For years after I disentangled myself from a long-term abusive romantic relationship, I had no idea how to respond to people who didn’t understand how one gets enmeshed with an abuser.  “Why would you stay with someone who treated you so bad?” they’d ask.  “Why did you put up with that?”  Why didn’t you acknowledge the pattern, is the question being asked there.  Why didn’t you trust the pattern?

Well, because abusers know that if you trust the pattern, you’ll escape their abuse.  That’s why.  I didn’t trust the pattern because I was trained not to trust patterns by the very people whose continued power over me depended on their ability to keep me from trusting patterns.

Ironically, exhortations not to trust the pattern are rife in “autism paaaarent” disputes as well.  The same parents who will, say, take the side of a parent who kills their autistic child or who insist autistic adults are “not like my child” will, invariably, retreat to insults and whimpering when called on the destructive patterns in their speech and behavior.  “You can’t judge me!  You don’t know what’s in my heart!”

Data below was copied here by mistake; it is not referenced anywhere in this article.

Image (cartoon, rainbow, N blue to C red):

No, but I see what’s in your words.  And I acknowledge the pattern.

Multiple times at this year’s AutCom I heard Neurodivergent K say the words “I don’t trust people, only patterns.”  I’ve come to trust these words.  I trust them because the very people who tell me not to trust them invariably demonstrate a pattern of behavior that seeks to destroy me, one way or another.  I trust them because the very people who live by them are the ones who have saved my life – including K.

I trust patterns because I have fantastic pattern recognition, so I might as well use it.

Advertisements

9 thoughts on “Pattern Recognition, Gaslighting, and the Patterns of Abuse

  1. I must have missed this when it came up; I only just now saw it via ASAN’s tumblr. This is an excellent post and has inspired one of my own. It’ll go up approximately whenever I have time, but still. This topic is so important.

    Like